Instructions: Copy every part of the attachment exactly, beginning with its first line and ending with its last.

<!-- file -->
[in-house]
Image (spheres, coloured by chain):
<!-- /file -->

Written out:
[in-house]
Image (spheres, coloured by chain):